Gathering data is not a neutral act, it will alter the power balance, usually in favor of the people collecting the information.
Pedagogy And Public History
Open Plaques blog: Finding Flann O’Brien: plaques, places, tongues and names
Next in our investigation of the plaques we come to the matter of his three names (four if you include the Irish spelling of his first), possibly confusing for the Open Plaques naming system (we currently list two of them). Brian O’Nolan, the civil servant. Flann O’Brien, the pseudonym of the literary author. And Myles na cGopaleen – his pen-name as the famous satirical ‘Cruiskeen Lawn’ columnist for The Irish Times newspaper, a column that brought him more notoriety in his lifetime than his books and made him unpopular with the grandees of the Irish state.
Joseph Adelman: Behind every good historian is someone who read an awful early draft and patiently explained what he/she was actually saying.
In the end, I am glad I conducted the experiment and have already adopted small elements of it into a couple of my courses this semester (namely the modular topic format and a greater focus on non-lecture activities in class to stimulate playful historical thinking). However, in its current form, the class needs more polish to buff out the dents, smudges, and scratches.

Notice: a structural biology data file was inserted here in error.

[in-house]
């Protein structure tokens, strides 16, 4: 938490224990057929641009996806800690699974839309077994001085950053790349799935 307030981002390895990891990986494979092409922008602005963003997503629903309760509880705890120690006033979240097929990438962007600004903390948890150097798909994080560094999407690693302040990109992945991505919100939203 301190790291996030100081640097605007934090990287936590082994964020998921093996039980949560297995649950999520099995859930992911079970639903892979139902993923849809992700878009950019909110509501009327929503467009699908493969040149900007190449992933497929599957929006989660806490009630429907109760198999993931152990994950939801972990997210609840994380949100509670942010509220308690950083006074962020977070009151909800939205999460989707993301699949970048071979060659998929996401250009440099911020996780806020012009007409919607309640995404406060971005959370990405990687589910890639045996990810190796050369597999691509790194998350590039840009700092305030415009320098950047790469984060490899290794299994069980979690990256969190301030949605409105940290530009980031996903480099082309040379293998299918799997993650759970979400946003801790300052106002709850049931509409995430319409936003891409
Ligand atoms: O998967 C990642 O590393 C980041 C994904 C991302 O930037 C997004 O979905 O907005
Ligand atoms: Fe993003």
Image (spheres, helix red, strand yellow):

History departments die by efficiency because sitting around contemplating the answers to ageless questions doesn’t really do all that much for the gross national product. Therefore, I think we in history and many closely-related fields will disappear in the coming wave of technology-induced efficiency unless we offer a different set of values through which to justify our existence. I happen to be rather fond of joy. Sitting around contemplating the answers to ageless questions may not be efficient, but it is lots of fun.
Brandon Watson, “Correction in the Classroom”
there is a form of critical thinking most students engage in a lot….the assessment of whether a professor is worth learning from at all.
In Pursuit of History: The Complaint of Christmas: A Serialised Christmas Tale
a story written in 1631 that … recounts the adventures of Christmas, who visits earth on the 25th December as an old man (a precursor to Father Christmas no doubt) along with his companions, the 12 days of Christmas. His adventures take him around Europe and then to England where he discovers what has become of Christmas charity and hospitality.
Mercurius Politicus, Seventeenth Century Crowd Funding
Taylor segmented his subscribers into seven categories:
1 Those that have paid.
2 Those that would pay if they could.
3 Those that walke invisible, and are not to be found.
4 Those that say they will pay, who knowes when.
5 Those that are dead.
6 Those that are fled.
7 Those Rorers that can pay, and wil not.
Although comparisons to the Garden of Eden were frequent, these images also reveal a profound anxiety about the abundance of nature in the Neotropics.
Interview with author Sarah Wise about her book on death and the illicit cadaver trade in early 19th century London
But Londoners loved these attractive, exotic-looking little Italian waifs, and would also defend other types of beggars if anyone appeared to be hassling them. Ordinary city-dwellers seemed to me, in reading the primary source material, to be a lot less withdrawn and in their own little world than we city-dwellers are today, and seemed to show more class, or social, solidarity.
Streets of Washington: The Prolific Mrs. E.D.E.N. Southworth and her Georgetown Cottage